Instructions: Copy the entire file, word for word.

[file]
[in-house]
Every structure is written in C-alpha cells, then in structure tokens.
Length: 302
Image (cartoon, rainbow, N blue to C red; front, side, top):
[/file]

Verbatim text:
[in-house]
Every structure is written in C-alpha cells, then in structure tokens.
Length: 302
Image (cartoon, rainbow, N blue to C red; front, side, top):